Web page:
The Benghazi Select Committee, chaired by Rep. Trey Gowdy, has formally requested that Hillary Clinton turn over the private server she used to keep under her control all of her communications while secretary of state. That assumes that the server hasn't been reduced to subatomic particles by now.

This artwork by Donna Grethen refers to Hillary Clinton's use of a personal email account while secretary of state.

Hillary and Monica, together again in ‘shame and survival’

Monica Lewinsky is back, and playing offense. The woman in the little blue dress is giving a Ted talk about the "culture of humiliation," scolding cyberbullies who wound innocents, and reclaiming a personal narrative in her own voice. She's burning the beret and the blue dress with a telltale stain, "giving purpose to my past" in the name of a softer feminism that she says begins with a "little f."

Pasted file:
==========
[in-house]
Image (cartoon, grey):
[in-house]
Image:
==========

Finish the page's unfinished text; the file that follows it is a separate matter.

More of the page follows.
FILE - In this June 6, 2013 file photo, a sign stands outside the National Security Agency (NSA) campus in Fort Meade, Md. There was a break in the case of a man who fired shots on several occupied vehicles and the headquarters of the NSA when he returned to the scene of the first shooting, police said Wednesday. The 35-year-old Prince George's County man was arrested Tuesday night near Arundel Mills mall, where shots were fired Feb. 24. A man driving away from a gas station near the mall was injured by glass shot out from his car, police said.  (AP Photo/Patrick Semansky, File)

Taming the surveillance state

The Patriot Act was fashioned with good intentions, but it has been dragooned to serve bad purposes. It was enacted during the national panic that followed the terrorist attacks of Sept. 11, 2001 to protect Americans from the enemy. Now it's employed by government busybodies to treat Americans themselves as the enemy.

Former President Bill Clinton hugs his daughter, Chelsea Clinton, during the closing session of the Clinton Global Initiative in New York Wednesday, Sept. 24, 2014. At right is Chelsea's husband, Marc Mezvinsky. (AP Photo/Craig Ruttle)